For many parents, dealing with a sick child is a trying experience and no matter how serious, parents want their child to get well.
In rural Illinois, a little boy has a rare form of epilepsy. It’s so unique, that only 160 people in the world are known to have it. It’s a situation that requires 24 hour attention and nearly two dozen pills a day.
Clayton Gard looks like a normal, healthy little boy. But the 19 month old is facing a disease that was only identified a few years ago and in many cases, those with the disease do not make it to adulthood.
Clayton has sodium channel neuropathy or SCN8A. It’s a genetic mutation impacting the brain causing life threatening seizures that stop breathing. During the initial treatment for seizures doctors were baffled and were not optimistic about his future.
His father Jacob said, ” I remember him coming in saying we have one thing left tro try and after that ..it’s just make him comfortable and send him home and wait it out.”
Eventually doctors prescribed a special anti-seizure medicine that works. He’s gone three months without a seizure. But the treatment comes with a price.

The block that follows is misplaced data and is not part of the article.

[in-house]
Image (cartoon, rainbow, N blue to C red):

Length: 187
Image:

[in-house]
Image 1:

Clayton has to be watched constantly and he takes over 20 pills per day. In addition, because of the medication his brain activity is slowed and the disease also impacts his heart. Plus, there’s a chance he won’t develop the ability to speak.
Still, his parents have hope.
Clayton’s mom Megan say, “we celebrate everyday that he is as good as he is but you always wonder every time he has one, is he going to com back to us or not?”
Clayton’s cute little sister, Cassie, does not have the disease. The parents are also negative for the genetic mutation. They say the disease is very random and doctors say it could happen to anyone.
Ultimately, they hope Clayton can live a normal, healthy life. They also hope for more awareness of SCN8A, so that more research is done and more lives can be saved.
For a direct link to Clayton’s Facebook page, click here